Colonial Life Survey Shows Personal Benefits Counseling Improves Understanding
Ninety-eight percent of employees say understanding their benefits is important.
COLUMBIA, S.C.--(BUSINESS WIRE)-- Virtually all employees who participate in one-to-one benefits counseling sessions during enrollment say they have a greater understanding of the benefits their employers offer, according to surveys by Colonial Life & Accident Insurance Company.
Latest results of an ongoing post-enrollment survey show that 97 percent of employees who take part in individual benefits counseling sessions with Colonial Life say they better understand their benefits — and 47 percent say the benefits counseling sessions significantly improved their understanding.1 More than 30,000 workers in the United States have taken the survey over the past three years.
"These survey results confirm how much it matters to employees that they understand their employer-provided benefits," says Randy Horn, president & CEO of Colonial Life. "Our research shows a strong majority of American workers say understanding their benefits is very important to them."2
The tight economy means good benefits knowledge matters to employers, too, Horn adds. "The investment employers make in providing a strong benefits package is lost if employees don't understand and appreciate their options," he says. "It's not enough to just offer coverage. The value to employers and employees is magnified with the addition of personalized benefits education and communication."
The company's post-enrollment survey also shows employees place great importance on having access to personal, one-to-one benefits counseling. Nearly all — 98 percent — of employees say having annual one-to-one benefits counseling sessions is important, and 63 percent say it's very important.
Research from a recent white paper by Colonial Life addresses the importance of benefits communication and a well-informed workplace. Although 98 percent of employees with employer-provided benefits say understanding their benefits is important, only 34 percent say they understand their benefits very well, and 7 percent say they don't understand the benefits well at all.3
"Effective benefits communication strategies don't have to add expenses or administrative burdens for employers," says Horn. "There are many relatively easy and practical steps employers can take to strengthen the value of their benefits plans, including partnering with a benefits provider that can offer comprehensive benefits communication and education services."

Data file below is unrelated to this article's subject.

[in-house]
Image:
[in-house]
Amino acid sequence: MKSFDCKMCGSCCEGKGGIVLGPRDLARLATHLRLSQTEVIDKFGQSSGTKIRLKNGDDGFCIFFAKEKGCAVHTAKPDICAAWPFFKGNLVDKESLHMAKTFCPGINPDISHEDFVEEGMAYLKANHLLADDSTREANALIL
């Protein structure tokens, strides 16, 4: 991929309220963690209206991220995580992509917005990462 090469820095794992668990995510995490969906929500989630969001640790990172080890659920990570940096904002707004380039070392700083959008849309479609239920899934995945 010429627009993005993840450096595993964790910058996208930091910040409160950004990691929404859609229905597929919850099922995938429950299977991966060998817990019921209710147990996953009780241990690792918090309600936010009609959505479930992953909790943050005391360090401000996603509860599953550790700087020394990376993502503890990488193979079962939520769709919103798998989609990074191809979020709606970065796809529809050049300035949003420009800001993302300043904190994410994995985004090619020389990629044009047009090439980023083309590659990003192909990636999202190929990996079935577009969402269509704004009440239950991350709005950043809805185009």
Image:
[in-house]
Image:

About Colonial Life
Colonial Life & Accident Insurance Company is a market leader in providing financial protection benefits through the workplace, including disability, life, accident, cancer, critical illness and supplemental health insurance. The company's benefit services and education, innovative enrollment technology and personal service support more than 79,000 businesses and organizations, representing more than 3 million working Americans and their families. For more information, visit www.coloniallife.com or connect with Colonial Life at www.facebook.com/coloniallifebenefits, www.twitter.com/coloniallife and www.linkedin.com/company/colonial-life.
1 Results based on an online, post-enrollment survey of more than 30,000 employees conducted by Colonial Life & Accident Insurance Company since January 2010.
2 Colonial Life-Harris Interactive Quick Query, Feb. 27-Mar. 1, 2013.
3 Colonial Life, Employee Benefits: Are You Getting Your Money's Worth?, Spring 2013.
Colonial Life & Accident Insurance Company
Jeanna Moffett, 803-678-5445
KEYWORDS: United States North America South Carolina
The article Colonial Life Survey Shows Personal Benefits Counseling Improves Understanding originally appeared on Fool.com.Try any of our Foolish newsletter services free for 30 days. We Fools may not all hold the same opinions, but we all believe that considering a diverse range of insights makes us better investors. The Motley Fool has a disclosure policy.
Copyright © 1995 - 2013 The Motley Fool, LLC. All rights reserved. The Motley Fool has a disclosure policy.